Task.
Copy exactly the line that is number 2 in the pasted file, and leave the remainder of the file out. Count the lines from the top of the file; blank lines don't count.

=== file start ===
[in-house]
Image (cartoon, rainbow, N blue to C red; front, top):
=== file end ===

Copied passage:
Image (cartoon, rainbow, N blue to C red; front, top):